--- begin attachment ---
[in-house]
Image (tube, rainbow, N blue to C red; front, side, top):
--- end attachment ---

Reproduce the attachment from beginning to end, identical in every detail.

[in-house]
Image (tube, rainbow, N blue to C red; front, side, top):